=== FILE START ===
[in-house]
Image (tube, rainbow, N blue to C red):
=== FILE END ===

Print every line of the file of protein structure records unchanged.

[in-house]
Image (tube, rainbow, N blue to C red):